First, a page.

Rescue success! and re-homed birds.
It is true people can be cruel but more often they are amazingly kind.
As a history addict, I have often read these words, "Animals domesticated people" & always thought those words were an interesting phrase, and coming from a horse raising family in Missouri I could appreciate the concept.
However it was not until the last few turkeys that were brought to us, that I fully comprehend the truth in those words.
Some of our heart warming birds were brought to us by people seeking to get a better home for their beloved turkeys.
I know...I know.... The term "Beloved Turkeys" sounds corny or dumb or hick-worthy, however turkeys have a way of bonding with people and vice versa-a bond that is of such strength that people are often shocked at their attachment!
The three most recent rescues: the owners drove an average of two and a half hours to bring the birds to a new home where they would not become a holiday feast.
And even though we love the holiday feast of turkey and gravy---Well we do not eat our pets. A hundred years ago? Of course that would be different.
2018 we gained three amazing pets and lost our blue slate matriarch Lilac.
Note: I may use the term rescue, however the birds were not a rescue in the common understanding of the word. The birds were "re-homed" to us out of love.
"Christmas Boy" is a white Holland turkey brought to us. A beautiful snow white Tom whose owner had to him give up.
We call him 'Christmas' And I often think if we did not have far too many turkeys already, I would not mind having an entire flock of White Hollands.
They can breed naturally and are quite striking with their pure white feathers.
Because Christmas imprinted on humans; wherever & whenever there are people to be found: Christmas is puffed up displaying his goods!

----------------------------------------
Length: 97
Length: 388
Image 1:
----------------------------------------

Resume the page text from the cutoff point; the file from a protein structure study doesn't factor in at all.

"Loretta Peepers" was brought to us from her owner in Sebring Florida.
Loretta is a sweet hen who also imprinted on humans. Loretta is the first Broad Breasted Bronze turkey we have had in years.
Of interest, Loretta is quite attracted to our eastern wild toms and yet she has not been able to successfully mate with any tom.
Even less than a year old the broad breasted turkey shape/body style prevents natural reproduction. I have not made up my mind on whether to give her a fertile egg this spring. Previous attempts at Broad Breasted hens raising babies ended with the baby turkey being accidently smashed by the heavy mother.
Loretta loves to drink from the hose!
"Lucky" is a Royal Palm mix heritage turkey. Her owners (we now believe Lucky is a male)---His owners drove from Dunnellon Florida. (four hour round trip drive)
We Hope Lucky's luck holds.
His mother was killed on a nest and the orphan Lucky was given to human parents to raise with their chicks. As Lucky grew, the chickens who were larger- began to attack Lucky and he was temporary brought inside the garage to get away from the chickens. That very night a raccoon broke into the coop and killed all the chickens. Lucky was indeed Lucky.
His human parents drove 2.5 hours to deliver Lucky to his/her new home.
His personality is still developing & after a quarantine period and flock introduction Lucky now roosts in a tree with the other teenage turkeys.
Lucky (was a hen, now a tom!)
The Gang of Four
I went and picked up this group of four. The owner was quite upset. His favorite Road Island chicken had been killed by raccoons the night before and he wanted this four gone before the horde of raccoons returned and murdered all.
The four I brought home: two chickens and two turkey hens
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My book on Florida History:
Freedoms Quest Struggle for the Northern Frontier and lost tales of old Florida
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